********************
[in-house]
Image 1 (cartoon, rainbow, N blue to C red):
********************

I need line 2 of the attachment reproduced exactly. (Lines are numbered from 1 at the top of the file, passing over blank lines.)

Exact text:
Image 1 (cartoon, rainbow, N blue to C red):